Kelly OgdenWe recorded in Minnesota because — since our very first album, our pro­ducer — we met him in Los Angeles, but he’s a Minneapolis guy — and his name’s John Fields, and he’s kinda the other mem­ber of our band at this point. And so the way that we record now is we record as we write. So usu­ally it starts with a beat or a click-track or a metronome even. And then it’s usu­ally a gui­tar melody. And then I do a vocal melody, and then it grows from there. Sometimes it’s just a bass-line, some­times it’s just cool drum part, but typ­i­cally it’s a gui­tar riff with melody. Our goal is to always have pro­grammed drums, gui­tar, bass, main vocals and some back­ing vocals done before we get to John.

The Dollyrots (I) — The Dollyrots at the 89th St Collective
The Dollyrots (I) — The Dollyrots at the 89th St Collective

We booked the time at Pachyderm, which is out­side Minneapolis. We went to the project stu­dio with John — it’s called Criterion; it’s the old Hüsker Dü stu­dio — in the mid­dle of Minneapolis for the first few days, and then we went to Pachyderm. But we booked Pachyderm, I think it was [for] January 23rd, and we still hadn’t writ­ten as of the begin­ning of December.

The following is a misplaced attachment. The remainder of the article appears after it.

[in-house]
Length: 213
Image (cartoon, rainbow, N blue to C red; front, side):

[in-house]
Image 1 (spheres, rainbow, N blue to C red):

So we’re kind of pan­ick­ing; we had already paid for Pachyderm. And then my dad passed away on December 21st. He’d had car­diac prob­lems, and he had tem­po­ral frontal degen­er­a­tion, which is a strange type of demen­tia, which he’d been deal­ing with prob­a­bly four or five years. A few before we real­ized what was going on.

But we were not pre­pared. Because we’d thought, Oh, you know, we’ll do it over the Christmas break, when sh-t shuts down, we’ll just work, you know, we’ll send the kids to the grand­par­ents to hang out, and we’ll write the record. But then, it was like, I can’t write any­thing right now. My heart is crushed into tiny lit­tle bits and I can’t do it; I just can’t do this. And finally New Year’s Eve hap­pened, and we had two funer­als. [Sidenote: We recorded the inter­view in the venue park­ing lot. At this point Ogden saw a cat in the next-door lot and inter­rupted her answer to exclaim, There’s a kitty-cat!]